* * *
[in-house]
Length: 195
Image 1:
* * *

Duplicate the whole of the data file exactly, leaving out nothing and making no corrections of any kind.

[in-house]
Length: 195
Image 1: